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Old 09-17-2008, 01:13 AM   #1
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build sump in one side of a long tank?

I am a novice, so apologies if this is obvious or already covered elswhere.

I have been reading lots of posts explaining why I need a sump and how to make one. However I do not have room under my tank to store a sump. Also, the tank will sit on a side table between two couches and will be viewed from the two long sides and one short side. So I can't have a power filter hanging of one of the sides.
How about this plan:
I will start with a relatively long tank. I will cut a sheet of (black) acrylic or Plexiglas to form a divider and glue it in so that it portions of about a quarter on one side of the tank. This portion will be the sump and will sit at the back side of the tank that cannot be viewed anyway. The divider will have holes for an overflow and return. Behind the divider I can build a little mini sump, using more acrylic sheet to create the layout described in other posts. Add some black paint on the outside of the glass to hide the sump from view from the outside. In effect it will be a DIY nanocube, but a narrow and long one, instead of the standard quare shape.

Advantages: Everything is contained in the original tank, no danger of messy leaks, no need to drill glass, nice clean look with no plumbing going in or out, sump is easily accessible from above.

Do you think this will work? Would a 20 gallon tank divided into a 15 gallon tank and 5 gal sump work or is that too small?

Thanks.
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Old 09-18-2008, 01:37 PM   #2
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The idea is sound and works well for the nano-cube tanks. If this is going to be a SW tank you will have to keep up with your top off as the small sump will evaporate and your return pump will end up sucking air.

I'm certain that it has been done before and will work just fine.
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Old 09-18-2008, 06:56 PM   #3
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Thanks for the response Ziggy. I will post some pictures if I go through with this. I am a beginner, so I will try this as a FW tank.

By the way, why would a SW tank/sump evaporate faster than a FW?
Two more questions: do you think I will get enough flow with a single return line in one corner? Any suggestions for a pump for a 15g tank/5g sump setup ?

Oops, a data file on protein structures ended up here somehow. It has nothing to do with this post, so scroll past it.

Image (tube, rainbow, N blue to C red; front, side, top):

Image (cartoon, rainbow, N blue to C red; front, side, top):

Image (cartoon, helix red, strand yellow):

Thanks.
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Old 09-19-2008, 04:15 AM   #4
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SW tends to have more evaporation because we have a lot more flow and surface agitation for O2 exchange. Also with the sump/overflow you are going to have more water exposed to air and that will cause evaporation. SW also uses skimmers which mix air and water to remove DOCs from water column, again increasing the amount of evap. I have a 120 with multiple sumps and a 55g frag tank plumbed into the system I have to replace about 3 gallons of water per day in my system.

FW doesn't need the amount of flow that SW does so I think a small pump such as a Maxijet 900 or something similar will be more then enough flow for that size tank.
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Old 10-21-2008, 06:38 PM   #5
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a 33L would be a good tank if you wanted something a little bigger for this sort of setup. It is 48" long by 13" deep and 12" high I think. If you used a full ft. for sump you would still have 3 ft of display length plus the shallow depth would not need as many watts to light.
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Old 10-21-2008, 06:52 PM   #6
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I would try to go just a bit bigger then 20G if you can. It will make the DIY part a bit easier since you will have more room to work in the tank and it will give you a few more options for fish once its set up. 15 is real small i will require quite a bit of work. I have a 12 and i ran out of room in there fast.
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